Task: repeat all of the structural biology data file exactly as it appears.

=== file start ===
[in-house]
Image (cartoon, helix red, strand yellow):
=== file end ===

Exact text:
[in-house]
Image (cartoon, helix red, strand yellow):